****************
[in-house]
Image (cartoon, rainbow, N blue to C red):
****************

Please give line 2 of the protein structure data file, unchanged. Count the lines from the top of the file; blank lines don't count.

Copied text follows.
Image (cartoon, rainbow, N blue to C red):